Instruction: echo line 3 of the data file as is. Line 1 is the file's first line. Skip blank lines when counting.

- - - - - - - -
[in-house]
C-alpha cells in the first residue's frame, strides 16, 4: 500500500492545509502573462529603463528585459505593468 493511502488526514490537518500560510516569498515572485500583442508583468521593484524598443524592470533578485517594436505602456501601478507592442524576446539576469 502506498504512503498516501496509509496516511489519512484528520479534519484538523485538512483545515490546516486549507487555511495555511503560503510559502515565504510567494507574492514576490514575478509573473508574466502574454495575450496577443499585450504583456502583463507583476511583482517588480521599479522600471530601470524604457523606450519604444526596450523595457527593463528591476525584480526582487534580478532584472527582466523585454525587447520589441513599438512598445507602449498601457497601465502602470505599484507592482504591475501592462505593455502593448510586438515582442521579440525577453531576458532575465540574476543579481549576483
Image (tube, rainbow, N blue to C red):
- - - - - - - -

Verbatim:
Image (tube, rainbow, N blue to C red):